Although I was still curious about how they got here and all that, I decided not to bother with trivialities. I figure why question a good thing? I mean, I had after all just gotten three new friends, who cares how?
Peapod, the lightest blue whale, is sweet and considerate; Park, the medium shade, is competitive but still caring. And Schmoo, the darkest of the whales, is an all around goofball. And apparently they have a thing for tennis, card games, and fondu. And they’ve also proven to be great at telling jokes and keeping things interesting. So it looks like with these guys around I won’t need to be wishing for a more interesting life, with more excitement and more surprises. They’ll keep me covered for a bit.
Funny how things work out like that sometimes, huh?
I decided to make some little amigurumi whales because, after looking through all my designs thus far, I saw that I hadn’t used any of my blue yarn. So I grabbed my hook and a skein of blue and started crocheting. And the micro whale pattern was born! I kept it simple to pander to my own short attention span. With such an easy pattern I can start and finish one of these whales in about a half hour.
I’m not about to hog all the whale love though. Here’s how to make your own:
S U G G E S T E D M A T E R I A L S:
• Worsted weight yarn in two (2) colors such as:
* Red Heart Super Saver (1) Blue [Main color] (2) White [Secondary color]
• G/7 4.50MM crochet hook
• One (1) pair of 6MM safety eyes (available in many craft stores or online at http://www.crscrafts.com)
• Needle & thread
• Fiberfill stuffing
A B B R E V I A T I O N S:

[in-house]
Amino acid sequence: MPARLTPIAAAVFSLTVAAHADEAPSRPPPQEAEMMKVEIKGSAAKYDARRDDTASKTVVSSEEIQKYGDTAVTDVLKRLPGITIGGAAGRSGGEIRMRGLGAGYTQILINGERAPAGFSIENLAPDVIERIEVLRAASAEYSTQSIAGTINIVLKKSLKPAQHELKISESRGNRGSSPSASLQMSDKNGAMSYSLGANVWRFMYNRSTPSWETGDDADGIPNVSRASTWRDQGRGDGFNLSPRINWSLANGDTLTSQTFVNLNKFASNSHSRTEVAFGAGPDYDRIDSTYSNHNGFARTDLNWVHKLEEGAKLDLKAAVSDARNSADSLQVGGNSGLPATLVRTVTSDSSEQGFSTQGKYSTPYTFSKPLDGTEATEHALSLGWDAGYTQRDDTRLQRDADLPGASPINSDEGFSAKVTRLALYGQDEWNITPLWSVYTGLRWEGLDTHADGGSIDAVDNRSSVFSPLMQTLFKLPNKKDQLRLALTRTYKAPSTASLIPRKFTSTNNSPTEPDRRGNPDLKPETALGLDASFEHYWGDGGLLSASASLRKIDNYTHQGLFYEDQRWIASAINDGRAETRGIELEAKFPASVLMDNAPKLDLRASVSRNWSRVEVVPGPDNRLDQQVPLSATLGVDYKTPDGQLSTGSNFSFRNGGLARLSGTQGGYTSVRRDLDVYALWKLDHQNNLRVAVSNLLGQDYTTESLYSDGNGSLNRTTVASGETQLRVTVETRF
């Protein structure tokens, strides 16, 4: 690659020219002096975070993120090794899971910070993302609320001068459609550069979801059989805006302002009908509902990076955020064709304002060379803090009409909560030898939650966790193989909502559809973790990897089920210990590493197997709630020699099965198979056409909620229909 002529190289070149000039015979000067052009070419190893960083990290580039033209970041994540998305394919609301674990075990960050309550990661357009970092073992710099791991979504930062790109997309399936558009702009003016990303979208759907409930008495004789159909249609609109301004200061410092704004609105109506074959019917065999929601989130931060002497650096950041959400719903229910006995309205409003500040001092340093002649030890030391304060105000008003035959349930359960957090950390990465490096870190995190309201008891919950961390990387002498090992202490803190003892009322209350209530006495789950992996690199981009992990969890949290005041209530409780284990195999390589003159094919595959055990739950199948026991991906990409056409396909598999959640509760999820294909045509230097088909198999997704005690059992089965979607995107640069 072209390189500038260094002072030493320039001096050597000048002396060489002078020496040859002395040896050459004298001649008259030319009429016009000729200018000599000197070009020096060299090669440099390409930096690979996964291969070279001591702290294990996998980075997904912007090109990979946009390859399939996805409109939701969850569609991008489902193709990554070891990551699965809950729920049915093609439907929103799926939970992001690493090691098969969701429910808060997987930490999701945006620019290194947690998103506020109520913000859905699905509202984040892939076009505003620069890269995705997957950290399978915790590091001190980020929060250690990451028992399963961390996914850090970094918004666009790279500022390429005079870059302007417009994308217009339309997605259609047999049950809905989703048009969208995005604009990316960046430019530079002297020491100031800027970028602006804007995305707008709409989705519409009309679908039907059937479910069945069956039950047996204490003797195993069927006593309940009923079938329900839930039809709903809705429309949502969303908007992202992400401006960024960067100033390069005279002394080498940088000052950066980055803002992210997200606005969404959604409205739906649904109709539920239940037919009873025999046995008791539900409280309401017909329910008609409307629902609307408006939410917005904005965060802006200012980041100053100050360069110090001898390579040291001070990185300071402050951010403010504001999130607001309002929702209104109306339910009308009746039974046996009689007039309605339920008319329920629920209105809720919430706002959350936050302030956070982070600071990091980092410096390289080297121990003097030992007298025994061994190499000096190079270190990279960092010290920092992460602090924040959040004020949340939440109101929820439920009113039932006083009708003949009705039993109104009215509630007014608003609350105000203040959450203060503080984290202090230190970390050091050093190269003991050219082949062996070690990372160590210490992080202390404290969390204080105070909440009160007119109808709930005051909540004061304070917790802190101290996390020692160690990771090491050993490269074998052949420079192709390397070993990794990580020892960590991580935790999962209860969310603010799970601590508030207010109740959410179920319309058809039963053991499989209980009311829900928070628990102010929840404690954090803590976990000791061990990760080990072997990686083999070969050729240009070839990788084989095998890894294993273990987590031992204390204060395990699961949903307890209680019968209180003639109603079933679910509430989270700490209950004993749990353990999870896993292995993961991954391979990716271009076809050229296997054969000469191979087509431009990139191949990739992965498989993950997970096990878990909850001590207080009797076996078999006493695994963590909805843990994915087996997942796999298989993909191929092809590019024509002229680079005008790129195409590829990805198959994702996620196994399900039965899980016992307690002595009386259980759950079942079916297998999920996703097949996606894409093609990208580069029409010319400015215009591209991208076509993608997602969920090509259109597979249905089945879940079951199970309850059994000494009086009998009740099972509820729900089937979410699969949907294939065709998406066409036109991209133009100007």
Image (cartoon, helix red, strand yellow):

MC – magic circle (magic loop/magic ring)
sc – single crochet(s)
inc – increase
dec – decrease
st(s) – stitch(es)
ch – chain
*actions in asterisks should be repeated until round completion or to the indicated stopping point in the round*
(number in parentheses indicates total number of stitches after round/row completion)
FO – fasten off
RND – Round
dc – double crochet
hdc – half double crochet
sl st – slip stitch
T H E P A T T E R N:
B O D Y (x1)
MC 6 with main color
RND 1) *inc* (12)
RND 2) *sc, inc* (18)
RND 3) *2sc, inc* (24)
RND 4-7) *sc* (24)
RND 8) switch to secondary color *sc* (24)
RND 9) *2sc, dec* (18) – Attach eyes. Stuff.
RND 10) *sc, dec* (12)
RND 11) *dec* (6)
T A I L F I N (x1)
dc in third ch from hook, hdc, 2 sl st, hdc, dc in final ch, sc in same final chain. cut yarn and pull through. Shape and attach to back of whale (if you did not use a joggless color change method I suggest putting the tail were the colors change)
F I N S (x2)
decide on placement and pick up a stitch on side of body. ch 4, sc in original pickup. FO. Repeat for other side of head.
ALTERNATIVE: If you’re not comfortable picking up and crocheting (or chaining in this case) simply ch 4 and sl st in last chain from hook. Attach to body.
Also be sure to check out the Sharkie pattern!
** Please be sure to note, though, that these are original designs and patterns. I believe in the free sharing of techniques and ideas. Please do not abuse my desire to share with others. You are not permitted to sell any products made as the result of these patterns and/or designs, nor are you permitted to sell the patterns or designs. Please, if you do use the patterns or designs for either the shark, whale, orca, dolphin, or fish in any part, give credit where credit is due by directing others to this original post. **
Pattern, design, photos, and story copyright Karissa Cole 2012. All rights reserved.